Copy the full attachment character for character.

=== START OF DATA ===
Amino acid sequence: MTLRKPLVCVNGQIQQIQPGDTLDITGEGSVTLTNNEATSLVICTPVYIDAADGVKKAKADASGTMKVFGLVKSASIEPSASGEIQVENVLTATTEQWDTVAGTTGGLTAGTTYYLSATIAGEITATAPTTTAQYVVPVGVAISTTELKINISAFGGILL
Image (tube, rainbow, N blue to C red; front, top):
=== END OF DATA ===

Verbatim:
Amino acid sequence: MTLRKPLVCVNGQIQQIQPGDTLDITGEGSVTLTNNEATSLVICTPVYIDAADGVKKAKADASGTMKVFGLVKSASIEPSASGEIQVENVLTATTEQWDTVAGTTGGLTAGTTYYLSATIAGEITATAPTTTAQYVVPVGVAISTTELKINISAFGGILL
Image (tube, rainbow, N blue to C red; front, top):